DeLay Guilty . . . Of What, Exactly?
Tom DeLay is a sleazebag and has been found guilty by an Austin jury for skirting the law. But it may in fact be a miscarriage of justice despite the victim being as unsympathetic as it gets.
Tom DeLay, the poster boy for everything that was wrong with the last Republican majority in the House, has been found guilty of money laundering.
NYT (“Ex-House Leader DeLay Found Guilty in Texas Case“):
Tom DeLay, one of the most powerful and divisive Republican lawmakers ever to come out of Texas, was convicted Wednesday of money-laundering charges in a state trial, five years after his indictment here forced him to resign as majority leader in the House of Representatives.
After 19 hours of deliberation, a jury of six men and six women decided that Mr. DeLay was guilty of conspiring with two associates in 2002 to circumvent a state law against corporate contributions to political campaigns. He was convicted of one charge of money laundering and one charge of conspiracy to commit money laundering.
As the verdict was read, Mr. DeLay, 63, sat stone-faced at the defense table. Then he rose, turned, smiled and hugged his wife and then his weeping daughter in the first row of spectators. He faces between 5 and 99 years in prison, though the judge may choose probation.
A few minutes later, Mr. DeLay said outside the courtroom that he would appeal the decision. He called the prosecution a political vendetta by Democrats in the local district attorney’s office, and revenge for his role in orchestrating the 2003 redrawing of Congressional districts to elect more Republicans.
WaPo (“DeLay convicted of money-laundering charges in campaign finance scheme“):
A jury in Austin found DeLay guilty of money laundering and conspiracy to commit money laundering. Punishment for the first ranges from five years to life in prison, but the former congressman from the Houston suburb of Sugar Land could receive probation.
DeLay will remain free until he is sentenced on Dec. 20.
“This case is a message from the people of the state of Texas that they want – and expect – honesty and ethics in their public officials,” said Travis County District Attorney Rosemary Lehmberg. “All people have to abide by the law.”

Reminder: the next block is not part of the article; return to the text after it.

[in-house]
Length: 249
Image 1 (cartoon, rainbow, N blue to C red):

Reporters in the courtroom described DeLay as stunned by the verdict, which came after 19 hours of deliberation.
“This is an abuse of power,” the former congressman said outside the courtroom. “It’s a miscarriage of justice, and I still maintain that I am innocent. The criminalization of politics undermines our very system, and I am very disappointed in the outcome.”
I have little doubt that DeLay stretched every law and rule he could to the breaking point and have long considered him a rather sleazy fellow. But violations of Federal campaign finance legislation are civil matters, punishable by fine, not crimes. So, how did they turn this into a local money laundering cause? NYT:
During the three-week trial, the prosecution presented more than 30 witnesses in an effort to prove that Mr. DeLay conspired to circumvent the state law. Since 1903, Texas has prohibited corporations from giving money to candidates directly or indirectly.
Mr. DeLay was initially charged with breaking campaign finance law. But prosecutors later switched strategies because it was impossible under the law at the time to accuse someone of conspiring to break campaign finance rules, prosecutors said.
Instead, prosecutors used a novel legal theory never before tried in Texas: They argued that Mr. DeLay and two of his political operatives — John Colyandro and Jim Ellis — had violated the criminal money-laundering law. They were charged with conspiring to funnel $190,000 in corporate donations to state candidates through the Republican National Committee.
The main facts of the case were never in dispute. In mid-September 2002, as the election heated up, Mr. DeLay’s state political action committee, Texans for a Republican Majority, gave a check for $190,000 to the Republican National Committee. The money had been donated earlier in the year by various corporate lobbyists seeking to influence Mr. DeLay, several witnesses said. On Sept. 13, the check was delivered to the R.N.C. by Mr. Ellis, who was Mr. DeLay’s top political operative in Washington and headed his federal political action committee.
At the same meeting, Mr. Ellis also gave the Republican director of political operations, Terry Nelson, a list of state candidates and an amount to be sent to each. Mr. Nelson testified that Mr. Ellis had told him the request for the swap had come from Mr. DeLay.
In early October, donations were sent from a separate account filled with individual donations to seven Republican candidates in Texas. Six of them won. Republicans took control of the Legislature for the first time in modern history and in 2003 pushed through a redistricting plan, orchestrated by Mr. DeLay, that sent more Texas Republicans to Congress in 2004 and helped him consolidate power.
I’m dubious, indeed, of “novel” applications of state laws to convict people for something other than what the statute was intended to punish. Rather clearly, “laundering” of legally obtained money is not supposed to be a crime. The statute is specifically aimed at criminal enterprises who earn money illegally.
Recall that, in August, the Justice Department ended a 6-year probe of DeLay without filing charges.
This is another in a long string of cases involving celebrity defendants who prosecutors “know” are guilty but can’t prove it. So, they manufacture technical violations of other laws and persuade juries that they’re bad people who deserve to be punished. It’s not the grossest abuse of our system — these people can at least hire good lawyers — but it’s troubling all the same.